Results 1 to 5 of 5

Thread: WikiLeaks

  1. #1
    Atypical is offline


    Wikileaks: Antidote to Government Lies and Misinformation
    by Bill Koehnlein

    According to Julian Assange, the founder and director
    of Wikileaks, he was told by Australian intelligence
    services, prior to the release by Wikileaks several
    months ago of secret US government documents relating
    to the war against Iraq, that all manner of smears and
    personal attacks will be made against him, as
    punishment for the work he is doing. The charge of
    rape, for which Sweden has issued an arrest warrant for
    Assange, appears to be bogus, an attempt to discredit
    him and take attention away from the damning and
    incriminating content of the hundreds of thousands of
    documents made public by him and Wikileaks.

    As expected, virtually every member of the upper
    echelons of the US government is screaming for blood,
    along with yahoos both liberal and conservative. Two
    notable pimps, Peter King, the congressman from Nassau
    County, and Joseph Lieberman, the senator from Tel
    Aviv, have tried to outdo each other when it comes to
    rhetorical venom. King accused Assange and Wikileaks of
    "engag[ing] in terrorist activity" and said that
    Wikileaks is "enabling terrorists to kill Americans.
    Lieberman, concluding a hysterical rant said, "Let
    there be no doubt: the individuals responsible [for
    disseminating the leaks] are going to have blood on
    their hands.

    Most government hacks, elected and appointed, who have
    commented so far droned on in a similar vein, and the
    thrust of much media coverage as well is a variation on
    the same theme. Nonetheless, the US press *is*
    reporting on some juicy details contained in a few of
    the leaked documents, but compared to coverage by the
    European press (The Guardian's Simon Jenkins said
    "[t]he job of the media is not to protect the powerful
    from embarrassment")
    US media is giving the actual
    contents short shrift while focusing instead on
    national security lapses, potential "endangerment" of
    unspecified persons, and damage control in the realm of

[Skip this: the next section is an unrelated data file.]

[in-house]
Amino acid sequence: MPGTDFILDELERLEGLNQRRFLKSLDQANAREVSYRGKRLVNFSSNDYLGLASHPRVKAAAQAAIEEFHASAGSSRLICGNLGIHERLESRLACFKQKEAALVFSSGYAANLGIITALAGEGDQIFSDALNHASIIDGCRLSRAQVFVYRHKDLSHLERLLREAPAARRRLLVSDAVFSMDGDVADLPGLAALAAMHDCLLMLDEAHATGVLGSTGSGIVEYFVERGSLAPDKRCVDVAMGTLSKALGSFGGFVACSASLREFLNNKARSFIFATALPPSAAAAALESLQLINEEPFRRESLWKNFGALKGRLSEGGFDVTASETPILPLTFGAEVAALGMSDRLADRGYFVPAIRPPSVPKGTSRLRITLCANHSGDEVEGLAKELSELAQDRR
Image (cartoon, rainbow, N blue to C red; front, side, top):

foreign diplomacy.

    Ironically, the documents leaked to the media do not
    contain much that is particularly revealing to anyone
    with an ounce of brains, common sense and an ability to
    think critically. This is quite reminiscent of the
    Pentagon Papers, made public by Daniel Ellsberg in 1971
    and published in The New York Times, which, for the
    most part, confirmed what everyone in the peace and
    antiwar movement already knew. Additionally, none of
    the documents released yesterday, or those which will
    be made public in the coming weeks, have been
    classified as "top secret"; indeed, though
    "classified", they were freely available to more than
    three million people who have access to something
    called Siprnet, a "miniature" internet--or, more
    accurately, an intranet--maintained by the United
    States government as a repository for classified
    documents, diplomatic correspondence, and internal
    governmental memoranda.

    Nonetheless, the US government has gone into deep
    frantic mode after getting caught with its pants down.
    The greatest damage, perhaps, has to do with political
    and diplomatic embarrassment, yet the official refrain
    accuses Assange and Wikileaks of nothing short of
    imperiling civilization itself. Demagogues like King,
    Lieberman, and all the other dutiful political hacks
    scream loudly, but with no proof or substantiation at
    all, that innocent people will be killed as a result of
    the leaks; Assange the terrorist has blood on his
    hands, they say. But Assange is not responsible for the